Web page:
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Understanding Community Risk Reduction

City leaders discuss community risk reduction

Understanding Community Risk Reduction

When MySafe:LA first began visiting elementary schools in 2008, our objectives were clear and simple: deliver fire and life safety education that would help change people’s behavior. The idea was to bring elements that were not available to the local fire department to schools — essentially to support the fire department with a specific type of expertise. It worked.

Since then, we’ve been continually reviewing and revamping our programs, which range from teaching fire and life safety to 4th and 5th graders to teaching older adults, and even firefighters. As we learn from our students, we work to make our programs stronger and more engaging. If there is no interactivity, entertainment, and engagement, the programs will not be received as they should. Currently, while we focus on fire and earthquake, we also have programs for pedestrian safety, water safety, and heart health (we teach hands-only CPR).

In 2011, we began looking closely at a program called Vision 20/20. It was of interest to us because it wasn’t being delivered by any single organization. It was a project – a program – managed by a former fire marshal and involving fire marshals and fire safety people (like us) from across the country. The stated mission: Community Risk Reduction (CRR).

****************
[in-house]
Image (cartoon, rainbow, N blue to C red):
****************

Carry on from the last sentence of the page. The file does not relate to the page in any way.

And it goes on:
So, what is Community Risk Reduction? Let’s start with what it is not: fire prevention with a new name. In these early stages, some fire departments are calling their fire prevention units CRR units now. That’s short sighted and misses the core point of what CRR is.

Community Risk Reduction isn’t a thing. It’s a process. It’s also timely, as the fire service is going through some of the most significant changes seen in more than a century.

Today’s first responder world is far more complex than ever before. In Los Angeles, 86% + of the emergency responses by LA firefighters are for medical emergencies — not fires. In addition to that, the variables in emergency responses are vast, ranging from terrorism to natural disasters. That’s a lot to put on any agency’s plate of skills.

So, Community Risk Reduction, or CRR for short, is a process that envisions engaging the public and looking at ways to prevent what might happen in the future – so that in fact that issue never does occur. It’s the raw objective of fire prevention – to prevent fire.

It starts with analysis, includes planning, engages training, then is distributed by firefighters in the community. In our case, we do it all – from script to screen. One other key point: We believe CRR is an “all risk” process – not just about fires or smoke alarms.